32. In the Northeast Region, SingHealth will lead cross-domain and multi-agency efforts to support children from low-income families through Project HOME (Holistic Management & Enablement). These efforts will build on the efforts of existing programmes like KidSTART and ComLink.

33. Healthcare agencies like Sengkang General Hospital (SKH), KKH, Punggol Polyclinic will partner My First Campus preschools as well as social services agencies, the SSOs and Family Service Centres to jointly support case management of children under six years old.

34. A similar pilot will be rolled out in the West by NUH through the HEADS-UPP (HEAlth and Development SUpport in Preschool Partnerships) programme. NUH will partner Care Corner and PCF Sparkletots preschools in the West.

35. These pilots will provide deeper insights on how we could further strengthen cross-domain collaborations to better support lower income families. If they are proven effective, we will explore scaling them nation-wide to benefit even more families.

36. With Healthier SG, we expect these collaboration to be further deepened, particularly with polyclinics and the Primary Care Networks.


37. Last but not least, we are also enhancing support for caregivers who are the cornerstones of our families’ well-being. Like Mr Gerald Giam and Ms Carrie Tan, we recognise that caregivers play a significant role and must be supported well.

38. The Government has enhanced our support for caregiving for families over the years. In 2019, we introduced the Caregiver Support Action Plan that outlined key initiatives in the areas of financial support, respite care, caregiver empowerment, workplace support and care navigation.

39. Last year, we shared more initiatives to recognise caregivers’ contributions and ease their burden when we debated the White Paper on Singapore Women’s Development.

40. MOH has recently enhanced the Home Caregiving Grant (HCG) to further defray the costs of caring for seniors and those with disabilities. From this month, those who are eligible will start receiving enhanced payouts of either $400 or $250 per month, up from the current $200, with more support provided to the lower income. This already covers households earning up to median income per household member.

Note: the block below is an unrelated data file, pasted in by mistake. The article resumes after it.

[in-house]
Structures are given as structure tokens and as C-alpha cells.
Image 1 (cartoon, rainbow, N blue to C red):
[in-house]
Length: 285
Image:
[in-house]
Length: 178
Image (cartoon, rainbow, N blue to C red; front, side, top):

41. As Minister Ong shared earlier, we are also taking steps to further improve affordability for those receiving care at home, as part of the holistic shift for healthcare services to be more premises-neutral and care-centric.

42. For those taking care of very frail seniors, there are around 60 nursing homes which offer residential respite care. Others could tap on various subsidised eldercare services, such as home and day care services for respite.  

43. For those families with lighter caregiving needs, Ministry of Manpower (MOM) has earlier shared that it will expand the scope of the Household Services Scheme (HSS) to provide basic child-minding and elder-minding services. This will offer an additional option for families.  More details will be shared by MOM at a later time.

44. There have also been suggestions to enhance family care leave.  Beyond legislating leave provisions, it is more critical and sustainable for caregivers to be provided with family-friendly work environment, to help them balance work and caregiving responsibilities. We will continue to enhance efforts to support a more family-friendly work culture including promoting flexible work arrangements (FWAs).

45. We are also enhancing support to persons with disabilities and their caregivers in building an inclusive Singapore and we will share more about our plans later during MSF’s COS.


46. In closing, healthy families lay a foundation for a strong society. We want to empower families to sustain their health through the chapters of their lives. Making it easier for families to access services and enhancing support for caregivers. Adopting a preventive health approach to better support fathers, mothers, and their children, maximising their well-being and helping their children achieve their fullest potential in life. Creating a Singapore that is truly Made for Families. Thank you.